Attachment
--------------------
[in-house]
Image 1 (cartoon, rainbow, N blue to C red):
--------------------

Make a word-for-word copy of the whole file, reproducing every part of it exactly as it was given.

[in-house]
Image 1 (cartoon, rainbow, N blue to C red):